As you know, the Fair Labor Standards Act establishes two types of employees – exempt and non-exempt. Traditional “exempt” employees have “white collar” job duties. These are your executive, professional and administrative folks. These guys are not out performing manual labor, punching a clock or working on a line. Also – they have to be paid at least $23,660 per year ($455 per week), regardless of the number of hours they work each week.
Traditional “non-exempt” employees are basically . . . well – everyone else. “Non-exempt” folks must be paid at least the minimum wage, as well as an overtime rate for all time worked in excess of 40 hours in a single work week. Generally, OT is calculated at not less than time and one-half of a “non-exempt” employee’s standard hourly rate.
However, the foregoing is all about to change. Maybe.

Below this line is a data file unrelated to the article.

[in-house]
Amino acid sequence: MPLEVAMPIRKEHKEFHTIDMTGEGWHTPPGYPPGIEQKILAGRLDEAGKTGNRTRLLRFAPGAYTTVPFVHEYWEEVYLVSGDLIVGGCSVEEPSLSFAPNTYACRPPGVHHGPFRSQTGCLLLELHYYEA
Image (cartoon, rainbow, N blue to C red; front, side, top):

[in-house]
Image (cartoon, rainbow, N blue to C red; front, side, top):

Specifically, the DOL wants to increase the salary requirements for exempt employees, using the 40th percentile of weekly earnings of full-time salaried workers as a benchmark. If this proposal became law over the next six weeks, in 2016, the estimated salary requirements would be $970 a week, or $50,440 a year. Yikes.
So is this law yet? No. Is there a realistic possibility these regulations – as currently constructed – will become law? Probably not to the letter. But it won’t be surprising if the final regulations look a lot like what’s being discussed. Bottom line – the minimum salary level for exempt employees is going up. By a lot. Soon.
The solution is obvious. Just pay everyone about $500K a year. The DOL won’t bat an eye. I’m sure you can shoehorn that into your 2016 payroll . . .
November 20, 2015